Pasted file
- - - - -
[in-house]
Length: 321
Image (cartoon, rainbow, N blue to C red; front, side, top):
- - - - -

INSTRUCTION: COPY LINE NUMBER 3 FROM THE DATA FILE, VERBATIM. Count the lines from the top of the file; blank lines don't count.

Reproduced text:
Image (cartoon, rainbow, N blue to C red; front, side, top):